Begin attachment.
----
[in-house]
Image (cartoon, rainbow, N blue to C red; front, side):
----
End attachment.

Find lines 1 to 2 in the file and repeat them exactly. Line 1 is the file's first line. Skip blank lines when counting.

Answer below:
[in-house]
Image (cartoon, rainbow, N blue to C red; front, side):